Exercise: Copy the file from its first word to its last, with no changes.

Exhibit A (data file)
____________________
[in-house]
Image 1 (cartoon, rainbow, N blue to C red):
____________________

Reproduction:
[in-house]
Image 1 (cartoon, rainbow, N blue to C red):